Validation and sensitivity of CFETR design using EU systems codes

Validation and sensitivity of CFETR design using EU systems codes

Validation and sensitivity of CFETR design using EU systems codes 150 150 UKAEA Opendata
UKAEA-CCFE-CP(20)79

Validation and sensitivity of CFETR design using EU systems codes

The Chinese Fusion Engineering Test Reactor (CFETR) bridges the gap between ITER and a demonstration fusion power plant (DEMO). The primary objectives of CFETR are: demonstrate tritium self-sufficiency, ~1GW fusion power, operate in steady-state and have a duty cycle of 0.3-0.5 [1]. CFETR is in the pre-conceptual design phase and is currently envisaged to be a two-phase machine (phase I ~200 MW, phase II ~1 GW). In 2016 the EU and China began a collaboration on topics relating to nuclear fusion research. This contribution documents the progress on the collaboration on systems codes. Systems codes attempt to model all aspects of a fusion power plant using simplified models (0-D, 1-D) and capture the interactions between plant systems. This allows the user to explore many reactor designs at a high level and optimise for different figures-of-merit (e.g. minimise major radius). The EU systems codes used for the work are PROCESS [2], [3] and SYCOMORE [4]. This paper details the work on analysing the 2018 CFETR design in EU systems codes and the feasibility of the design with regards to meeting the performance objectives and operation of the machine. The work considers the two-phased nature of the device and comments on the systems codes output for phase I and phase II. In combination with systems codes, uncertainty quantification tools are used to quantify the sensitivity of the CFETR design to the input assumptions in the systems codes. This paper details the key sensitivities for the CFETR design and whether at the bounds of the uncertainty CFETR still fulfils its high-level objectives. This work has been carried out within the framework of the EUROfusion Consortium and has received funding from the Euratom research and training programme 2014-2018 under grant agreement No 633053 and from the RCUK Energy Programme [grant number EP/I501045]. This work was supported by National Magnetic Confinement Fusion Science Program of China (2014GB110000). The views and opinions expressed herein do not necessarily reflect those of the European Commission. [1] Y. Wan, J. Li, Y. Liu, X. Wang, V. Chan, C. Chen, X. Duan, P. Fu, X. Gao, K. Feng, S. Liu, Y. Song, P. Weng, B. Wan, F. Wan, H. Wang, S. Wu, M.Y. Ye, Q. Yang, G. Zheng, G. Zhuang, and Q. Li, “Overview of the present progress and activities on the CFETR,” Nucl. Fusion, vol. 57, no. 10, p. 102009, Oct. 2017. [2] M. Kovari, R. Kemp, H. Lux, P. Knight, J. Morris, and D. J. Ward, “‘ PROCESS ’ : A systems code for fusion power plants—Part 1: Physics,” Fusion Eng. Des., vol. 89, no. 12, pp. 3054–3069, Dec. 2014. [3] M. Kovari, F. Fox, C. Harrington, R. Kembleton, P. Knight, H. Lux, and J. Morris, “‘PROCESS’: A systems code for fusion power plants – Part 2: Engineering,” Fusion Eng. Des., vol. 104, pp. 9–20, Mar. 2016. [4] C. Reux, L. Di Gallo, F. Imbeaux, J.-F. Artaud, P. Bernardi, J. Bucalossi, G. Ciraolo, J.-L. Duchateau, C. Fausser, D. Galassi, P. Hertout, J.-C. Jaboulay, A. Li-Puma, B. Saoutic, and L. Zani, “DEMO reactor design using the new modular system code SYCOMORE,” Nucl. Fusion, vol. 55, no. 7, p. 73011, Jul. 2015.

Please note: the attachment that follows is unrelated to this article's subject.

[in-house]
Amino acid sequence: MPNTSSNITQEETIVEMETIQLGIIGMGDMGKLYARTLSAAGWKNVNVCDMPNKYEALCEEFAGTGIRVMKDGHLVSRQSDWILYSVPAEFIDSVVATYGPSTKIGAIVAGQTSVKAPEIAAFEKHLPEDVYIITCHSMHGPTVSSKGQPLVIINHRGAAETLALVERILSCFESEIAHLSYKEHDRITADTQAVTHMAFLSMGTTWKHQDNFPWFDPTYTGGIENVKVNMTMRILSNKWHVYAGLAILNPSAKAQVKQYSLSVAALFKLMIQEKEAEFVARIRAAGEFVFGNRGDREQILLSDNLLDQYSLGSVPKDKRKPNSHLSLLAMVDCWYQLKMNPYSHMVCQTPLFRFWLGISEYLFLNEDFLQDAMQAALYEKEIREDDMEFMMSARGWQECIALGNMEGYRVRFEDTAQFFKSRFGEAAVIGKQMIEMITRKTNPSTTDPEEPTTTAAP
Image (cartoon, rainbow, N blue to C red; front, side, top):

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30th Symposium on Fusion Technology (SOFT), Giardini Naxos, Messina, Sicily, 16-21 September 2018
Published date:
16/10/2021